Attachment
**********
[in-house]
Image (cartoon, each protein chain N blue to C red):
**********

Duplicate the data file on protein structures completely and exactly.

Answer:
[in-house]
Image (cartoon, each protein chain N blue to C red):